Medicinal Uses of Trees

From:  Trees of the World, An Illustrated Encyclopedia and Identifier

Although the bark and wood of trees is seldom edible, extracts from them have given rise to some of the world’s most important medicines.  Malaria is said to have killed more people than all of the wars and plagues in history combined.  Oliver Cromwell and Alexander the Great are two of the better-known people to have died at its hands.  For centuries, the only known treatment was quinine, an alkaloid found in the bark of the evergreen cinchona tree, which grows in the tropical forests of Peru and Bolivia.  Quinine was first used to treat malaria by the Quechua Indians and in the 16th Century the Spanish Conquistadores realized its potential.  Called the “miracle cure” when it finally arrived in Europe, it was used to cure King Charles II, King Louis XIV and the Queen of Spain, among countless others.  Quinine has been chemically reproduced since the 1940’s; however, in recent years some forms of malaria have developed resistance to synthetic quinine and the cinchona tree has once again become the center of attention.

If you have ever had a headache then the chances are that you will have reached for a bottle of aspirin, the world’s most widely used drug.  Before aspirin came in bottles, aches and pains could be cured by walking to the nearest river and finding a piece of willow bark to chew on.  Aspirin is a derivative of salicylic acid, which comes from the bark of the white willow, Salix alba.  Nowadays aspirin is produced synthetically.

The last remaining member of a family that existed when dinosaurs roamed the earth, the maidenhair tree, Ginkgo biloba, has long been used for medicinal purposes.  The leaves have traditionally been a staple of Chinese herbal medicine and used to treat everything from asthma to hemorrhoids.  Now maidenhair tree leaves have found their way into western medicine and are used to treat memory loss and coronary conditions.  Fluid extracted from the leaves helps to improve blood circulation.  It relaxes blood vessels, enhancing blood flow throughout the body but in particular that going to the brain.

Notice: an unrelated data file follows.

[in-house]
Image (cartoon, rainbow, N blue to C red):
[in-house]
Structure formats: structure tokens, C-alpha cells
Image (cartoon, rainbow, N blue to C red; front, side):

More than 2,000 different trees are currently used for medicinal purposes.  Many, such as the Pacific yew, Taxus brevifolia, are helping in the fight against cancer.  Castanospermum austral, the Australian Moreton Bay chestnut, contains an unusual alkaloid called castanospermine, which is able to help neutralize the Aids virus HIV.  Witch hazel, Hamamelis virginiana, is a tree with strong antiseptic qualities.  Native American tribes such as the Cherokee made a “tea” of the leaves, which they used to wash sores and wounds.  Another important medicinal tree species is Eucalyptus globulus.  Its leaves contain the oil cineol, which is very effective in the treatment of coughs, sore throats, bronchitis and asthma.

From Trees of the World, An Illustrated Encyclopedia and Identifier, by Tony Russell, Catherine Cutler and Martin Walters.  Published by Anness Publishing Ltd., Britain, in 2007.  ISBN #1-84681-187-2.  Printed in China